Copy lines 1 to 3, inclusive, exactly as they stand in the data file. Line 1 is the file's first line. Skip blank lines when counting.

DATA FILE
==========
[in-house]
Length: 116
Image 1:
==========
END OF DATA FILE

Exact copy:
[in-house]
Length: 116
Image 1: